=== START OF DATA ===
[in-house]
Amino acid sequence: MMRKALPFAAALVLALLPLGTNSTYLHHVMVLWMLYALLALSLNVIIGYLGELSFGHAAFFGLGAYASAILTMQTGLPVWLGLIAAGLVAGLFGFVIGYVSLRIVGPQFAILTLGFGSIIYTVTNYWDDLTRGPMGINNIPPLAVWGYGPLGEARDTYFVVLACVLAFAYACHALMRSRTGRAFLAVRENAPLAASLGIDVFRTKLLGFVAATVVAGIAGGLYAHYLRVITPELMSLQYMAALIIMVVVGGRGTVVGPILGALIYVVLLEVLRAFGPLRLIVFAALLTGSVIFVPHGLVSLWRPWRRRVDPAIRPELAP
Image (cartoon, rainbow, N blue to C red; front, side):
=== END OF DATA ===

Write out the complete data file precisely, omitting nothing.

[in-house]
Amino acid sequence: MMRKALPFAAALVLALLPLGTNSTYLHHVMVLWMLYALLALSLNVIIGYLGELSFGHAAFFGLGAYASAILTMQTGLPVWLGLIAAGLVAGLFGFVIGYVSLRIVGPQFAILTLGFGSIIYTVTNYWDDLTRGPMGINNIPPLAVWGYGPLGEARDTYFVVLACVLAFAYACHALMRSRTGRAFLAVRENAPLAASLGIDVFRTKLLGFVAATVVAGIAGGLYAHYLRVITPELMSLQYMAALIIMVVVGGRGTVVGPILGALIYVVLLEVLRAFGPLRLIVFAALLTGSVIFVPHGLVSLWRPWRRRVDPAIRPELAP
Image (cartoon, rainbow, N blue to C red; front, side):